The Sleep-Diet Connection: How Sleep Quality Impacts Your Appetite

Sleep Well, Eat Well Too!
The Sleep-Diet Connection: How Sleep Quality Impacts Your Appetite
Tom Greenspan
December 21, 2022

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The three pillars of a healthy life are diet, sleep, and nutrition. 

As simple as it may sound, the relationship between the 3 is complex. Merely focusing on eating right or exercising twice daily won’t help you reach your weight loss journey. Neither will they reduce the likelihood of catching chronic illnesses like heart disease or premature death. 

All your efforts to lose weight will be sabotaged by poor sleep quality, especially if you have hit a weight loss plateau because of chronic sleep deprivation. 

Centers for Disease Control and Prevention (CDC) reports that nearly one-third of adults in the U.S. aren’t getting adequate sleep. Sleep-deprived individuals prefer unhealthy food and indulge in binge-eating, ultimately leading to weight gain. 

Therefore, it’s increasingly important for individuals to recognize the connection between sleep and diet in order to lose weight and lead a healthy life. This guide is all about that– so let’s get straight to the deets! 

The Sleep-Diet Connection: How The 2 Are Interrelated?

Believe it or not, sleep and diet influence each other in numerous ways unknown to humans. 


That means the food we consume throughout the day impacts our day-to-day activities, including sleep duration. Vitamin B1 deficiency is linked to sleep disturbances, while sleep disorders are common among individuals with magnesium deficiency.. 

Therefore, a healthy and balanced diet lowers the risk of several chronic health problems like diabetes, stroke, and heart disease. Overeating increases the possibility of sleep disorders, as consuming too many calories results in obesity. 

Obstructive sleep apnea (OSA) is a sleep disorder prevalent among people who are obese. Obesity hypoventilation syndrome and restless leg syndrome are other sleep disorders quite common among morbidly obese patients. 

Nutrition is also said to have a direct impact on the mental health of individuals, as several studies indicate that certain foods may mitigate the risks of developing anxiety and depression. 


The benefits of getting sufficient sleep are aplenty, helping individuals feel better, think better and be more productive. Compared to individuals with insufficient sleep, those who enjoy quality sleep are able to make better decisions and complete their daily chores with ease.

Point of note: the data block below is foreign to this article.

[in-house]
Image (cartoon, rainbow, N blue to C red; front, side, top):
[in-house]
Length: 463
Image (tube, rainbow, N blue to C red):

Going by the recommendation of the CDC, adults must get 7 to 9 hours of sleep every day. Because not getting enough sleep can hamper the cognitive functions of individuals and affect concentration. People with poor quality sleep have a tendency to choose junk food, so they eat more. 

But improving the quality of sleep can have a positive effect on body weight.

Food Choices That Affect Sleep

We’ve discussed the unhealthy foods that contribute to increased sleep problems in this section. Let’s check them out. 

1. Caffeinated Beverages 

Every day, countless people gulp down caffeine in the form of coffee, tea, or chocolate because it improves concentration, alleviates fatigue, and increases wakefulness. But what is caffeine?

Caffeine is a bitter substance with stimulant effects said to improve mood and give a temporary energy boost. Moderate intake of caffeine may support weight loss, but consuming it in high doses can cause a variety of health issues. 

Besides altering REM sleep, caffeine consumption can worsen sleep quality and attenuate homeostatic sleep pressure. Because it has a negative impact on overall sleep quality, you must refrain from consuming caffeine late in the evening. 

2. Sugar

One substance that is naturally found in foods is sugar. 

Evidence suggests that added sugar alters the sleep habits of individuals, as it contributes to insomnia. As per research, individuals whose sugar intake is high are more likely to develop sleep conditions than those whose sugary food consumption is low. 

Even drinking beverages that are chock-full of sugar, like energy drinks and soda, can hinder a person’s ability to sleep. 

As a matter of fact, too much sugar consumption can reduce the time individuals spend in deep sleep, interfering with the immunological and metabolic system of the body. Surprisingly, a handful of sugary foods consist of caffeine. Therefore, the intake of such foods will make it difficult for you to get enough sleep, keeping you awake throughout the night. 

Compared to natural sugar, refined sugar is more detrimental to human health, as it may result in chronic inflammation. Often, chronic pain accompanies chronic inflammation, thereby interfering with an individual’s ability to sleep. 

3. Alcohol

Among the foods that disrupt sleep, alcohol is a two-edged sword. We say so because it does lull drinkers to sleep, but that happens for a brief moment. That means you may spend the first half of the night asleep, but it will cause wakefulness in the second half. 

4. Meat 

Regular consumption of large amounts of meat can increase the risk of sleep disorders, even though it’s a good source of protein. If you eat meat more often than not, you’re likely to experience a decline in your sleep quality. Not just that, but you’re at the risk of snoring more than you would otherwise.